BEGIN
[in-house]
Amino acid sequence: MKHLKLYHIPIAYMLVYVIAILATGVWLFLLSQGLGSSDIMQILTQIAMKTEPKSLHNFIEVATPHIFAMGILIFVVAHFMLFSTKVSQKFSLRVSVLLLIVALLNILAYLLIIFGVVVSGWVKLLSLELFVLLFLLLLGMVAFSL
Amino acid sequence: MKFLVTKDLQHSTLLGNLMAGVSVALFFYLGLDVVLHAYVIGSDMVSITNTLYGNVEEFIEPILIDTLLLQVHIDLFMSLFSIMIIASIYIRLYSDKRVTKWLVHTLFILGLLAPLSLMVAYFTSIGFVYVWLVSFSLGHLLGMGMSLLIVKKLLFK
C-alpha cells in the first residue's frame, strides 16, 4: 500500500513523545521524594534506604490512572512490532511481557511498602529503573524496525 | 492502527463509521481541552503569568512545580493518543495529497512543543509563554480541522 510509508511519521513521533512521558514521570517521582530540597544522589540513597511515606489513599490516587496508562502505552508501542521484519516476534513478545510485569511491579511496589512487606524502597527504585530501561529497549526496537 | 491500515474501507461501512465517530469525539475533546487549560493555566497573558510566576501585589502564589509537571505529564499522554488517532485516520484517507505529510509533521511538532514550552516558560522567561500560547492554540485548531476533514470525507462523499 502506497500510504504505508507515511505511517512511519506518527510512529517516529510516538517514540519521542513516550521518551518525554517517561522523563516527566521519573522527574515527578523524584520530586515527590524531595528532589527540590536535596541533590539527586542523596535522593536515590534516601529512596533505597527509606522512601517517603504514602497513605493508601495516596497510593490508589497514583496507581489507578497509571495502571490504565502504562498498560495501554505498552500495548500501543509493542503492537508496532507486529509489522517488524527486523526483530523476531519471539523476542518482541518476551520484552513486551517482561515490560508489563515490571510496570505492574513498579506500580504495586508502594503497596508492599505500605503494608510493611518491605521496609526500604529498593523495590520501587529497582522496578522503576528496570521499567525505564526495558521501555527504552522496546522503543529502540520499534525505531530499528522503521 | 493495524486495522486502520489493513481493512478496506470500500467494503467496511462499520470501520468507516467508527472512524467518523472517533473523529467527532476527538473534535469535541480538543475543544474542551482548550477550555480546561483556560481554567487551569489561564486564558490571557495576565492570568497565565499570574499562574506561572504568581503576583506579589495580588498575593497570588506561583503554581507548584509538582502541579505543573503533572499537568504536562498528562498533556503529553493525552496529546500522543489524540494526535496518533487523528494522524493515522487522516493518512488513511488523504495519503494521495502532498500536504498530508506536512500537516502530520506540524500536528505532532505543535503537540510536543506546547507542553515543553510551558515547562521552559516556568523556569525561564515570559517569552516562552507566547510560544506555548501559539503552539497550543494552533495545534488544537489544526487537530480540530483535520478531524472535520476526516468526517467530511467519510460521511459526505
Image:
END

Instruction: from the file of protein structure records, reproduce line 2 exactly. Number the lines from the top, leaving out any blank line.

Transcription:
Amino acid sequence: MKHLKLYHIPIAYMLVYVIAILATGVWLFLLSQGLGSSDIMQILTQIAMKTEPKSLHNFIEVATPHIFAMGILIFVVAHFMLFSTKVSQKFSLRVSVLLLIVALLNILAYLLIIFGVVVSGWVKLLSLELFVLLFLLLLGMVAFSL